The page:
Deandre Ayton is quietly dominating for the Phoenix Suns

Phoenix Suns Deandre Ayton (Photo by Barry Gossage/NBAE via Getty Images)
Phoenix Suns Deandre Ayton (Photo by Barry Gossage/NBAE via Getty Images) /

It is difficult to make broad statements about a player’s performance through only two preseason games. However, if we can at least feel particularly optimistic about one player, it is Phoenix Suns rookie Deandre Ayton.

If it’s been said once, it’s been said a million times: the Phoenix Suns have never had a dominant center it their 51-year history.

But after selecting Deandre Ayton first overall in the 2018 NBA Draft, the narrative of lackluster play from the center position has changed, and Ayton has so far looked the part of a franchise-changing renaissance man.

Although he has played in only two preseason games (including one against the Australian National Basketball League’s New Zealand Breakers), Ayton has dominated each outing, physically looking like a potentially commanding front court force, even if it seems that he isn’t playing as hard as he obviously and absolutely can.

In the Suns’ victory over the Breakers, Ayton recorded his first official double-double (the Fox Sports broadcast kept referencing that he had a double-double in the opening game against Sacramento, although the official box score said that he grabbed only 9 boards), finishing with a Suns-high 21 points, a game-high 15 rebounds, and 3 blocks including one where he pinned the ball against the backboard so hard it looked like he could have popped it.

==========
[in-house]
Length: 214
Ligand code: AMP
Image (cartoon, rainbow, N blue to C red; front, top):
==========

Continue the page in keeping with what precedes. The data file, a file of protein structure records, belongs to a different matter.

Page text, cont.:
Through two games, Ayton is averaging 22.5 points, 12 rebounds, and 3 blocks.

And from the field, he is shooting 18-29, 62.0%.

If these stats aren’t Shaquille O’Neal-like, then nothing is.

Ayton too has been playing the fastbreak to perfection, looking like a hulking locomotive as he sprints down the court, head down, reminiscent of the old Shaqtus, he appears determined on every opportunity to gain a post position before any secondary defenders can slump down upon him.

On one particular occasion in the second quarter versus New Zealand, he sped down the court ahead of the break, got into a position in the lane, caught the lob, turned, and drained a 10-foot jumper.

Like the simple yet desirous diamond, it was truly a thing of (undefendable) beauty.

That jumper is something else worth noting: Ayton has a helluva mid-range shot. He appears to be able to drain 10-15 footers with impunity. I noted on Twitter that the shot looked like both Charles Barkley and Amar’e Stoudemire, a combination of either would immediately make him one of the more unarguable centers in the league (he shot 33.3% from beyond the arc at the University of Arizona on 10-33 shooting so a mid-range shot should be well within his ability to drain without hesitancy in the NBA).

This is no exaggeration too. His shot is sweet.

What the Suns want and need from Ayton as they stroll into the regular season, is consistency.